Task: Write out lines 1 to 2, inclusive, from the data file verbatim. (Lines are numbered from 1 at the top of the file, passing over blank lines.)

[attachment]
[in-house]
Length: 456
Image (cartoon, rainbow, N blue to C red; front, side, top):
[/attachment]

[in-house]
Length: 456